Saag Paneer with Beet Greens and Horseradish Leaves -

Saag Paneer with Beet Greens and Horseradish Leaves

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Saag Paneer

With Beet Greens & Horseradish Leaves

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When I set out at the beginning of April to write about spring foods from around the world, I was pretty excited to explore my options. One thing I hadn’t really considered though, was the fact that ‘spring’ doesn’t really mean much in many parts of the world. So I was able to explore foods from Scandinavia (and Northern Europe in general), Japan, Italy, France (..ish), Canada/America/Italy (that was a fun one), and a good ol’ universally appealing dessert. But I wanted to stretch myself a little, so I started looking for spring dishes from countries further south. The problem of course is that many warmer countries don’t really have a spring, or they don’t have one so clearly defined. While I was able to find plenty of countries that celebrated festivals early in the year associated with either agriculture or religion (or both), many of these didn’t seem to come with seasonal, ‘spring’ foods. When I’d all but given up hope (April is technically over after all), I had an idea.  And I have Indian food, Slavic food, and my garden to thank for it.

Vaisakhi (or Baisakhi) is an important Punjabi festival commemorating the spring harvest. It’s already come and gone this year (it’s celebrated on April 13th or 14th), but the holiday’s emphasis on sharing food, vegetarian meals, and spring greens got me thinking. Saag paneer is a timeless North Indian classic, and it’s on basically every Indian restaurant menu. Sometimes it’s great, sometimes it’s pretty mediocre – in either case, it’s usually all about the spinach. The thing is, saag just means greens, and within India itself the dish is commonly made with mustard greens, fenugreek greens (methi) and more.  After finding a reference to saag paneer made with beet greens, I was captivated by the idea.  If you’ve never cooked with beet greens before, they’re an amazing ingredient.  They taste wonderful, and they have the same ability to turn foods a vibrant red that you find in the roots.  But beet greens alone just didn’t do it for me this time.  Cut to me inspecting my garden and wondering what to do with my hilariously hardy horseradish plant (seriously, even the cabbage butterflies can’t put a dent in this thing).  I mulled over the idea (which is to say that I fell into a Wikipedia clickstream while researching food), and I realized that I could take the classic Eastern European beet and horseradish sauce and apply it to my greens.

Horseradish greens are not something you find in a lot of stores (horseradish itself is hard enough to find), but anyone who’s ever grown the plant knows that you can get more than enough from your own garden.  They’re delicious, tasting rather like the root itself, only milder and, well, greener.  So I harvested four young leaves from my garden, bought some lovely beets, and decided to experiment.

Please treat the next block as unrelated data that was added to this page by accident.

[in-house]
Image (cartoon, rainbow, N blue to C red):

Now horseradish isn’t very common in India – it tends to like things a little on the cooler side, meaning it really only does well in the hilly mountainous regions.  But that little bit of horseradish worked marvels on this wonderful vegetarian dish.  The bright-but-earthy beet greens just perk right up alongside the distinctive, pungent bite of the horseradish.  The heat commonly associated with the root is entirely lost during cooking, meaning that the final dish is flavourful but mellow.

The unusual greens were my personal contribution here, but they’re only one part of what makes this a great meal.  The key to good saag paneer is attention to the building blocks and spices.  The puree of onion, ginger and garlic is the fundamental flavour base of this (and many) Indian dish, and it can’t be rushed.  You want to cook it until it’s golden and incredibly fragrant.  As for the spices – I realize that Indian meals can look a little intimidating when you see so many ingredients, but these spices are amazingly easy to use, and increasingly easy to find (this dish isn’t even too bad in that respect – a good garam masala does the work of a more diverse array of spices).  Seek them out, experiment with them, and you’ll never look back.  

Recipe Notes

The biggest obstacle here is obviously going to be finding horseradish greens. If you don’t have access to garden horseradish, there is actually a decent possibility that you can find a South Asian replacement. The leaves of the tree Moringa oleifera (commonly called moringa, horseradish tree, or drumstick tree) taste a lot like horseradish leaves, though with a less prominent bite. You can find them frozen in many Indian and Filipino grocery stores, and you might even find them fresh. For an easier substitution, you could swap strong mustard greens for the horseradish greens. Mustard greens are common in East and South Asian grocery stores. The beet greens should be easy to find – just buy a couple of very fresh bunches of beets and save the roots for another use. Of course you could make this entire thing with spinach too, though you’ll want to either reduce or omit the water added in the final stage of cooking as spinach gives up a lot of water while it cooks.